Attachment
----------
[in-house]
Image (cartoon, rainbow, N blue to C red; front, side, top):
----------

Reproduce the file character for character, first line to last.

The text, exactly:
[in-house]
Image (cartoon, rainbow, N blue to C red; front, side, top):